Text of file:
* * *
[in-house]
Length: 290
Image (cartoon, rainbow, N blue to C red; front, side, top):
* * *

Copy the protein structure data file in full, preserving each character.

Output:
[in-house]
Length: 290
Image (cartoon, rainbow, N blue to C red; front, side, top):